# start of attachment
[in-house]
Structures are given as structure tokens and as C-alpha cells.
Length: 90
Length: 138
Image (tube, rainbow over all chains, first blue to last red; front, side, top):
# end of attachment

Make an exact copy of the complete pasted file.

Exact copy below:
[in-house]
Structures are given as structure tokens and as C-alpha cells.
Length: 90
Length: 138
Image (tube, rainbow over all chains, first blue to last red; front, side, top):